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ION-DRI Programme

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IoN-DRI programme

We are building a world-class environment to fight neurological disease through the IoN-DRI programme. The programme will deliver a new hub that will be one of the leading translational neuroscience centres in the world. 

256 Grays Inn Road

UCL is a global leader in pioneering research into neurological diseases such as dementia, Alzheimer’s disease, multiple sclerosis, Huntington’s disease, neuromuscular diseases, Parkinson’s disease, motor neuron diseases, stroke and epilepsy.

The IoN-DRI programme was set up to enable a purpose-built facility on Grays Inn Road alongside new and more efficient ways of working to translate UCL’s exceptional research power into developing treatments for these devastating conditions.

Construction

Construction

We are creating a dual hub for UCL neuroscience, with a landmark new facility at 256 Grays Inn Road supporting our laboratories at Queen Square. 

ground breaking of new UCL Neuroscience facility

Breaking ground

In May 2021 UCL President & Provost Dr Michael Spence and partners broke ground at 256 Grays Inn Road to mark the start of construction.

Researcher in lab

Transformation

The transformation will provide the highest quality services possible and support a collaborative, efficient and sustainable way of working. 

Construction progress 

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A new home for three bodies

IoN
UCL is home to Europe’s largest group of neuroscientists and the new centre of excellence on Grays Inn Road will support over 500 researchers from the world-renowned UCL Queen Square Institute of Neurology

UKDRI
The new facility will also house the UK Dementia Research Institute national headquarters, which is funded by the Medical Research Council (MRC), Alzheimer’s Society and Alzheimer’s Research UK. 

UCLH
Strengthening the link between research and clinical work, the facility will offer outpatient consulting for the National Hospital for Neurology and Neurosurgery, the UK's largest dedicated neurological and neurosurgical hospital. 

 


“Our vision is to create the world’s leading centre for translational neuroscience. A brand new state of the art facility will accelerate the discovery of new treatments, train the next generation of scientists and work in close partnerships with industry, funders and patients.”

Professor Alan Thompson | Programme Sponsor | Dean, Faculty of Brain Sciences


“This will be a fantastic 21st century interdisciplinary environment designed to support our world leading scientists to understand disease mechanisms and translate this knowledge into new therapies in a collaborative effort we call UCL Translational Neuroscience. The co-location of clinical and basic scientists and patient care will build on the major success of the UCL Queen Square Institute of Neurology partnership with the National Hospital (UCLH NHS Trust) by enabling patient observations to inform scientific questions. It will be a beacon of excellence for training the next generation and will facilitate critical partnerships with all stakeholders including patient organisations, philanthropists and industry.”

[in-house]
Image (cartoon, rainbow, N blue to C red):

Professor Michael Hanna | Director, UCL Queen Square Institute of Neurology


“The future home for the UK DRI at UCL will be an internationally recognized symbol of our commitment to conquering dementia. It will enable us to attract the best researchers and to provide them with an optimum environment for getting the job done. Importantly, the new space will also connect our researchers to the public and people affected by dementia.”

Professor Bart De Strooper | UK DRI Director and Dr Adrian Ivinson | UK DRI Director (Operations)


“The new Queen Square Institute of Neurology and Dementia Research Institute development allows for the integration of world-class clinical services from the National Hospital for Neurology and Neurosurgery, with state-of-the-art scientific facilities from UCL, to bring modern treatments for neurological conditions directly to patients. This is an exciting time for the management of devastating neurological diseases bringing hope to many people throughout the UK and the rest of the world.”

Dr Chris Turner I Divisional Clinical Director I National Hospital for Neurology and Neurosurgery